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Smith. What was still more extraordinary, these unhappy
events greatly increased the unpopularity of Lord Clive. He
had been some years in England When the famine took place.
None of his acts had the smallest tendency to produce such a
calamity. If the servants of the Company had traded in rice,
they had done so in direct contravention of the rule which he
had laid down, and, while in power, had resolutely enforced.
But, in the eyes of his countrymen, he was, as We have said,
the N abob, the Anglo-Indian character personified ; and, while
he was building and planting in Surrey, he was held responsible
for all the effects of a dry season in Bengal.

Parliament had hitherto bestowed very little attention on
our Eastern possessions. Since the death of George the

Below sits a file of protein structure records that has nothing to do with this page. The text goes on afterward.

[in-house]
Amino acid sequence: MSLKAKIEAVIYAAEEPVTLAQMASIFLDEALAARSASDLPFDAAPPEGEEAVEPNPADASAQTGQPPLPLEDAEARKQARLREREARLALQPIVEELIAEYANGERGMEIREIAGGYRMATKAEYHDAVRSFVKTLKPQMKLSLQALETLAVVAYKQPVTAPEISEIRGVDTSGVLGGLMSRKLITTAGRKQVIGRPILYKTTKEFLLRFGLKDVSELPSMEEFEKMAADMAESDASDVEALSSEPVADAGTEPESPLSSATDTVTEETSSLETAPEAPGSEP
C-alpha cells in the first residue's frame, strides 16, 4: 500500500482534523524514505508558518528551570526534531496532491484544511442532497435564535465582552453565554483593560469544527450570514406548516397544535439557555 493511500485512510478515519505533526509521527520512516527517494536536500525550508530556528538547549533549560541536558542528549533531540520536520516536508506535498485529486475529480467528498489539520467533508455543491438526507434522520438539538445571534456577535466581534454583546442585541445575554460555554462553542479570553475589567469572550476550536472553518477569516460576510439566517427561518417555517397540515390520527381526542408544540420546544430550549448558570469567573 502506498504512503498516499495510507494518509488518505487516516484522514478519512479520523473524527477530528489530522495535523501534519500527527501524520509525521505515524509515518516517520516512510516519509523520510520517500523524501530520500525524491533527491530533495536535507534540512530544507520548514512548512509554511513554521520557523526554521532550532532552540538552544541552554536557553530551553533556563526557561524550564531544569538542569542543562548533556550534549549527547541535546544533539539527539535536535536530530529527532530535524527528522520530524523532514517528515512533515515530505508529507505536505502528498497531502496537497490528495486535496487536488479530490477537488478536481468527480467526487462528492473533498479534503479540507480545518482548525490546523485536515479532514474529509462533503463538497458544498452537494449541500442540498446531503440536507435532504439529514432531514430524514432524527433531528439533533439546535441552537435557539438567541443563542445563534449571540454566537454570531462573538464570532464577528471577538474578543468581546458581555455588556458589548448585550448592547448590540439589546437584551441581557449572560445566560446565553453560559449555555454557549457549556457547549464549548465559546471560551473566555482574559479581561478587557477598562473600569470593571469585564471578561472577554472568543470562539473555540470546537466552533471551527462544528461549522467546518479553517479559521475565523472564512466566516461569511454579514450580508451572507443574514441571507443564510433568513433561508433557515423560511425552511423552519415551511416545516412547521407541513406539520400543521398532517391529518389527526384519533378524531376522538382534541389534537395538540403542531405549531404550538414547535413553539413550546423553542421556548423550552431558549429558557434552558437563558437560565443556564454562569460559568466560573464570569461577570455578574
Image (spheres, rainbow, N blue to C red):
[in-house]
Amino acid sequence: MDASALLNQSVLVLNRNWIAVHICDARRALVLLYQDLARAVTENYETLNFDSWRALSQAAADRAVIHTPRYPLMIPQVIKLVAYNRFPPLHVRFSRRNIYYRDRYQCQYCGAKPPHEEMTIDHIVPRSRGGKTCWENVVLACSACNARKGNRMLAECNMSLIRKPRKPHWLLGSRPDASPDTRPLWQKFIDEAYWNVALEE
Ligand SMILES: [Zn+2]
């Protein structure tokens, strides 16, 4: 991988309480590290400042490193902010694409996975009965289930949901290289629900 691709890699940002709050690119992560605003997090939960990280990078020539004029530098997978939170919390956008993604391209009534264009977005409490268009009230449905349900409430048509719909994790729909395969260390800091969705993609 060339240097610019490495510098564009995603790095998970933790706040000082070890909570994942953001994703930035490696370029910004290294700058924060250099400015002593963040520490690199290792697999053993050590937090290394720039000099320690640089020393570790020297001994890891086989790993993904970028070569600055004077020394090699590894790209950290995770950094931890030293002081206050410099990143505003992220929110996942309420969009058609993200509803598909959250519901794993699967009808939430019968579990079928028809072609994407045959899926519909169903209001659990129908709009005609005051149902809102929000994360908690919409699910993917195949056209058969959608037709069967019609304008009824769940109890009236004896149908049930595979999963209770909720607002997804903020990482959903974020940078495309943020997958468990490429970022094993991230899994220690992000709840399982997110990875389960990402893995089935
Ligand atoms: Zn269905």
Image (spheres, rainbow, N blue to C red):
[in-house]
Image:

Second, a rapid succession of weak administrations, each of
which was in turn flattered and betrayed by the Court, had
held the semblance of power. Intrigues in the palace, riots in
the capital, and insurrectionary movements in the American
colonies, had left the advisers of the crown little leisure to
study Indian politics. When they did interfere, their inter-
ference was feeble and irresolute. Lord Chatham, indeed,
during the short period of his ascendency in the councils of
George the Third, had meditated a bold attack on the Com-
pany. But his plans were rendered abortive by the strange
malady which about that time began to overcloud his splendid

At length, in 1772, it was generally felt that Parliament
could no longer neglect the affairs of India. The Government
was stronger than any which had held power since the breach
between Mr. Pitt and the great \'Vhig connection in 1761. No
pressing question of domestic or European policy required the
attention of public men. There was a short and delusive lull
between two tempests. The excitement produced by the Llid-
dlesex election was over; the discontents of America did not
yet threaten civil war; the financial difliculties of the Company

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